Flo & Eddie

Rock Steady with Flo & Eddie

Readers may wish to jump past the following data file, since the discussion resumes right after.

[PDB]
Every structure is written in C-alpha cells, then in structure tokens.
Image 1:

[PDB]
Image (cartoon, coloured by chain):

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An album much in need of an explanation, Prince Flo & Jah Edward I began life as a reggae-lite concept, inspired by the duo's discovery of reggae via the rise of Bob Marley. Like many Americans of the day, the pair was pretty clueless, but unlike most, they had connections. Thus, a record deal was inked with a small Florida independent, and arrangements were made for the two to record at Tuff Gong Studios in Kingston under the aegis of co-producer Errol Brown. Flo & Eddie duly turned up at the studio with a list of Jamaican songs and their own numbers ripe for reggae-fying. Brown tossed it in the trash, and gave the pair a crash course in "real" Jamaican music. At the time, the producer was busy trawling through his late uncle Duke Reid's archives, resurrecting Treasure Isle classics and remixing them into new dub masterpieces. It's no wonder that his vision for this record was far removed from Flo & Eddie's own. But the pair were game, and the more of the island's old masterpieces he played them, the more they fell under their thrall, until the three put together a track listing that could double as a Jamaica's greatest-hits album. The Melodians' "Swing & Dine"; Ken Boothe's "Moving Away"; Delroy Wilson's "Dancing Mood"; the Heptones' "Party Time"; the Gaylads' "Rock With Me Baby" (magnificently covered in the '70s by Johnny Clarke); Delano Stewart's "Sitting in the Park," as performed by Alton and Hortense Ellis; Stranger and Gladdy's "Just Like a River," with a few of the pair's own songs thrown in for good measure; and a cover of the Ink Spots' golden oldie "Prisoner of Love" to kick the set off, this was the ultimate collection of rocksteady hits. And so the album was duly released in 1981 under the title Rock Steady, and promptly sank like a stone. A few years later, Rhino picked up the album and reissued it under the witty title Prince Flo & Jah Edward I. But the dread-heavy title tied extra weight to the set, and the album sank a second time. A pity really, as the duo's own fans lost a great opportunity to experience the hippie heroes in a new environment, but more importantly, reggae aficionados missed out on a superb album. Brown rounded up some of the island's top talent to back the pair -- with the phenomenal rhythms laid down by drummer Carlton "Santa" Davis, bassist Aston "Family Man" Barrett, and percussionist Uziah "Sticky" Thompson, Earl "Chinna" Smith adding his always fabulous guitar licks and flourishes, and the inimitable Augustus Pablo contributing his own signature piano and organ. In a number of cases, the old rhythms are versioned, while elsewhere the new ones remain surprisingly true to the originals, albeit with a contemporary rootsy gloss. Flo & Eddie proved to be attentive pupils, and take their cues from the old singles, and accents aside, they endearingly capture the mood and inflections of the Jamaican singers, even down to occasionally attempting to re-create the original harmonies. And if that wasn't worth the price of admission, the version of "Happy Together" certainly was, the perfect blend of American pop and Jamaican roots reggae. A stunning album sadly lost to the sands of time.

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